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The Supreme Court Tuesday set aside a Karnataka High Court order indicting the state’s then police chief Shankar Mahadev Bidari, terming him worse than Saddam Hussain and Muammar Gaddafi, and directing his removal from the post.

A bench of Justice Aftab Alam and Justice C.K. Prasad said the state, however, was free to appoint anyone of its choice as the director general of police (DGP). Bidari is due to retire May 31.

The high court, while affirming order of the Central Administrative Tribunal (CAT) and directing Bidar’s removal, had ordered the appointment of A.R. Infant as the director general of police, in his place.

The apex court also suspended the operation of the order of the CAT, which too had ruled against the appointment of Bidari as the DGP.

It said that the matter is being remanded to the high court for fresh consideration and that the high court should decide the matter before May 31 when both Bidari and Infant are retiring from service on that date.

The CAT and the high court had set aside the appointment of Bidari as DGP on the grounds that the state government had not provided the full material to the Union Public Service Commission (UPSC) concerning him.

It was contended that the report of Justice Sadasivam Inquiry Commission and that of National Human Rights Commission that looked into the allegation of excesses against tribals by personnel of Joint Special Task Force led by Bidari against sandalwood smuggler Veerappan was not placed before the UPSC for preparing panel of officers for appointment as DGP.

Holding that the reports inquiry panel and that of NHRC were not relevant for the consideration by the UPSC for preparing a panel of three senior most Indian Police Service (IPS) officer for appointment as Karnataka DGP, the apex court said: “Prima facie we find it difficult to hold that there was any adverse comment against Bidari, much less any personal indictment even for some of the atrocities committed on tribals” by the security personnel under his command.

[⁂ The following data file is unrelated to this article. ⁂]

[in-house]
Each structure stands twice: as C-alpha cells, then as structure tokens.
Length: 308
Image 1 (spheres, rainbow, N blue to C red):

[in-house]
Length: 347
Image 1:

It said that it was remanding the matter back to the high court as the apex court would go for summer break and the matter may be decided before May 31 whn both Bidari and Infant are retiring.

The court described as “too wide a proposition” the stand of senior counsel Altaf Ahmed, appearing for Infant, that since Bidari was leading the security personnel in the operation, therefore he could not escape the consequences of their conduct.

Justice Prasad said that it amounts to saying that “if a civil court judge does something then the chief justice of the high court should be made answerable for that”.

Justice Alam said that “If that logic had to be applied then for every encounter (gunfight) the director general of police be held responsible.”

The court described as “weakest” that part of the high court order wherein it made adverse and critical comments on Bidari.

 

 


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